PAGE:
Shin Y.-J.,Institute Of Recherche Pour Le Developpement | Shannon L.J.,University of Cape Town | Bundy A.,Bedford Institute of Oceanography | Coll M.,CSIC - Institute of Marine Sciences | And 24 more authors.
ICES Journal of Marine Science | Year: 2010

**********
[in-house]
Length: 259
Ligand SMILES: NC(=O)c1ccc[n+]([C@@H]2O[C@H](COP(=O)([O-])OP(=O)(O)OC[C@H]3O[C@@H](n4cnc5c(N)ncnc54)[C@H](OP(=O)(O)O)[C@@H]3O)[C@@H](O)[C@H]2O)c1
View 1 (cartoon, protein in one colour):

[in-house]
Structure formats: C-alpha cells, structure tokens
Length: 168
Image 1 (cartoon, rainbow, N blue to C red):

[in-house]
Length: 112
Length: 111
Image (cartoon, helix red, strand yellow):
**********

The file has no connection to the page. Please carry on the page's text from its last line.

Background is provided to the selection of ecological indicators by the IndiSeas Working Group, and the methodology adopted for analysis and comparison of indicators across exploited marine ecosystems is documented. The selected indicators are presented, how they are calculated is explained, and the philosophy behind the comparative approach is given. The combination of selected indicators is intended to reflect different dynamics, tracking processes that display differential responses to fishing, and is meant to provide a complementary means of assessing marine ecosystem trends and states. IndiSeas relied on inputs and insights provided by the local experts from participating ecosystems, helping to understand state and trend indicators and to disentangle the effect of other potential ecosystem drivers, such as climate variability. This project showed that the use of simple and available indicators under an ecosystem approach can achieve a real, wide-reaching evaluation of marine ecosystem status caused by fishing. This is important because the socio-economics of areas where fishing activities develop differs significantly around the globe, and in many countries, insufficient data are available for complex and exhaustive analyses. © 2010 International Council for the Exploration of the Sea. Published by Oxford Journals. All rights reserved. Source